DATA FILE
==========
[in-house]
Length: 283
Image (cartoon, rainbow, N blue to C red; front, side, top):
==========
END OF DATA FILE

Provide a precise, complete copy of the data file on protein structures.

[in-house]
Length: 283
Image (cartoon, rainbow, N blue to C red; front, side, top):